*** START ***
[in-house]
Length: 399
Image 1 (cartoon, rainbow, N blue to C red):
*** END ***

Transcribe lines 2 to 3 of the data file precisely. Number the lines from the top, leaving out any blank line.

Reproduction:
Length: 399
Image 1 (cartoon, rainbow, N blue to C red):